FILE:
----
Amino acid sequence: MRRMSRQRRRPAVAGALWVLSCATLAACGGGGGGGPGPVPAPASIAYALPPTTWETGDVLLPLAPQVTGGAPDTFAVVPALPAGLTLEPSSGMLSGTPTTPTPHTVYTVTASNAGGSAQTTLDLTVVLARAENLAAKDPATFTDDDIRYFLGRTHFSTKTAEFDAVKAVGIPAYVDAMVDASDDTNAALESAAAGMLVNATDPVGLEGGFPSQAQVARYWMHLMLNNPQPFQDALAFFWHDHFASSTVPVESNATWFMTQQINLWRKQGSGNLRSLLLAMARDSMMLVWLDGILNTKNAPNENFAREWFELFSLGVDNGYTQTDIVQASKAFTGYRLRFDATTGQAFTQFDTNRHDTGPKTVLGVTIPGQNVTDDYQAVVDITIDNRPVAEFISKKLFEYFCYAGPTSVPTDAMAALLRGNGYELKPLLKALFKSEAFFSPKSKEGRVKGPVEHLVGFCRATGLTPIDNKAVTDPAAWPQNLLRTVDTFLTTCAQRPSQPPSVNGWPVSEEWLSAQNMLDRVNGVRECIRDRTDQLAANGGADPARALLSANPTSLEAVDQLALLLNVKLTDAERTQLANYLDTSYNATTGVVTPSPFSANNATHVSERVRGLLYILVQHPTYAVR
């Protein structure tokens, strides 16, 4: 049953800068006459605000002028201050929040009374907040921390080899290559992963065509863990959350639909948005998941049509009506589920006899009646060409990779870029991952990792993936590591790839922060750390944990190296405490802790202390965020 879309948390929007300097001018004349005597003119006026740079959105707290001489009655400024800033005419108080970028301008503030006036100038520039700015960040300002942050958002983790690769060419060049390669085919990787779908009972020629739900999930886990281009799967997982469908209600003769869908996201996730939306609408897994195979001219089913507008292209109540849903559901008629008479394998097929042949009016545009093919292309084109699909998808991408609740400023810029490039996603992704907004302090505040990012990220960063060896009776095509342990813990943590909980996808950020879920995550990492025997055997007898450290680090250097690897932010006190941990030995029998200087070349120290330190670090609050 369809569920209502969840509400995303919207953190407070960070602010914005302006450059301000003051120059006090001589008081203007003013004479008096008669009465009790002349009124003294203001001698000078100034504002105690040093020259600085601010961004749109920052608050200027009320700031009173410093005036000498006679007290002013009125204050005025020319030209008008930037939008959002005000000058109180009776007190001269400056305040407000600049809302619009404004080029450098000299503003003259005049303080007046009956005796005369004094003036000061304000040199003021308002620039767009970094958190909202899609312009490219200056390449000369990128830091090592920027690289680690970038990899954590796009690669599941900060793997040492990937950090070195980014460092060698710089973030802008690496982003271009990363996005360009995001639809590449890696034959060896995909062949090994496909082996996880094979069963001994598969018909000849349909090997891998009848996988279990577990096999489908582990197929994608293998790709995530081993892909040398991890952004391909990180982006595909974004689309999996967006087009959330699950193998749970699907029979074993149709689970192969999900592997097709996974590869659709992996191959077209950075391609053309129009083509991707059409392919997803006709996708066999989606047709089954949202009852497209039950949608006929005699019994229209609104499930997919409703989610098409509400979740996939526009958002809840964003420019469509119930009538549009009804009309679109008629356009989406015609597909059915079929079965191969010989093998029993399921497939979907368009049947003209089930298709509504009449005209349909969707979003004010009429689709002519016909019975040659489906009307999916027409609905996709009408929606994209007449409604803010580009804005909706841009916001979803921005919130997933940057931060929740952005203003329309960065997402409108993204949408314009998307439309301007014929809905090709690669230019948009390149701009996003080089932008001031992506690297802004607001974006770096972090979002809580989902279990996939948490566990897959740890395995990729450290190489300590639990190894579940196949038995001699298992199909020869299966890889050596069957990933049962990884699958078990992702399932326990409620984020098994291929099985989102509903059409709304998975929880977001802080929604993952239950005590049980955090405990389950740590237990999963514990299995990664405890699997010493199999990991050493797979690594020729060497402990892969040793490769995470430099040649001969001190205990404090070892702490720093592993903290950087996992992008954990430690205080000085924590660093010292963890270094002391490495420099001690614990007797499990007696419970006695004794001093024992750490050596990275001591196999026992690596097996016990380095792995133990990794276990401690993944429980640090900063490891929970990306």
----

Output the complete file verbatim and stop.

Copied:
Amino acid sequence: MRRMSRQRRRPAVAGALWVLSCATLAACGGGGGGGPGPVPAPASIAYALPPTTWETGDVLLPLAPQVTGGAPDTFAVVPALPAGLTLEPSSGMLSGTPTTPTPHTVYTVTASNAGGSAQTTLDLTVVLARAENLAAKDPATFTDDDIRYFLGRTHFSTKTAEFDAVKAVGIPAYVDAMVDASDDTNAALESAAAGMLVNATDPVGLEGGFPSQAQVARYWMHLMLNNPQPFQDALAFFWHDHFASSTVPVESNATWFMTQQINLWRKQGSGNLRSLLLAMARDSMMLVWLDGILNTKNAPNENFAREWFELFSLGVDNGYTQTDIVQASKAFTGYRLRFDATTGQAFTQFDTNRHDTGPKTVLGVTIPGQNVTDDYQAVVDITIDNRPVAEFISKKLFEYFCYAGPTSVPTDAMAALLRGNGYELKPLLKALFKSEAFFSPKSKEGRVKGPVEHLVGFCRATGLTPIDNKAVTDPAAWPQNLLRTVDTFLTTCAQRPSQPPSVNGWPVSEEWLSAQNMLDRVNGVRECIRDRTDQLAANGGADPARALLSANPTSLEAVDQLALLLNVKLTDAERTQLANYLDTSYNATTGVVTPSPFSANNATHVSERVRGLLYILVQHPTYAVR
């Protein structure tokens, strides 16, 4: 049953800068006459605000002028201050929040009374907040921390080899290559992963065509863990959350639909948005998941049509009506589920006899009646060409990779870029991952990792993936590591790839922060750390944990190296405490802790202390965020 879309948390929007300097001018004349005597003119006026740079959105707290001489009655400024800033005419108080970028301008503030006036100038520039700015960040300002942050958002983790690769060419060049390669085919990787779908009972020629739900999930886990281009799967997982469908209600003769869908996201996730939306609408897994195979001219089913507008292209109540849903559901008629008479394998097929042949009016545009093919292309084109699909998808991408609740400023810029490039996603992704907004302090505040990012990220960063060896009776095509342990813990943590909980996808950020879920995550990492025997055997007898450290680090250097690897932010006190941990030995029998200087070349120290330190670090609050 369809569920209502969840509400995303919207953190407070960070602010914005302006450059301000003051120059006090001589008081203007003013004479008096008669009465009790002349009124003294203001001698000078100034504002105690040093020259600085601010961004749109920052608050200027009320700031009173410093005036000498006679007290002013009125204050005025020319030209008008930037939008959002005000000058109180009776007190001269400056305040407000600049809302619009404004080029450098000299503003003259005049303080007046009956005796005369004094003036000061304000040199003021308002620039767009970094958190909202899609312009490219200056390449000369990128830091090592920027690289680690970038990899954590796009690669599941900060793997040492990937950090070195980014460092060698710089973030802008690496982003271009990363996005360009995001639809590449890696034959060896995909062949090994496909082996996880094979069963001994598969018909000849349909090997891998009848996988279990577990096999489908582990197929994608293998790709995530081993892909040398991890952004391909990180982006595909974004689309999996967006087009959330699950193998749970699907029979074993149709689970192969999900592997097709996974590869659709992996191959077209950075391609053309129009083509991707059409392919997803006709996708066999989606047709089954949202009852497209039950949608006929005699019994229209609104499930997919409703989610098409509400979740996939526009958002809840964003420019469509119930009538549009009804009309679109008629356009989406015609597909059915079929079965191969010989093998029993399921497939979907368009049947003209089930298709509504009449005209349909969707979003004010009429689709002519016909019975040659489906009307999916027409609905996709009408929606994209007449409604803010580009804005909706841009916001979803921005919130997933940057931060929740952005203003329309960065997402409108993204949408314009998307439309301007014929809905090709690669230019948009390149701009996003080089932008001031992506690297802004607001974006770096972090979002809580989902279990996939948490566990897959740890395995990729450290190489300590639990190894579940196949038995001699298992199909020869299966890889050596069957990933049962990884699958078990992702399932326990409620984020098994291929099985989102509903059409709304998975929880977001802080929604993952239950005590049980955090405990389950740590237990999963514990299995990664405890699997010493199999990991050493797979690594020729060497402990892969040793490769995470430099040649001969001190205990404090070892702490720093592993903290950087996992992008954990430690205080000085924590660093010292963890270094002391490495420099001690614990007797499990007696419970006695004794001093024992750490050596990275001591196999026992690596097996016990380095792995133990990794276990401690993944429980640090900063490891929970990306």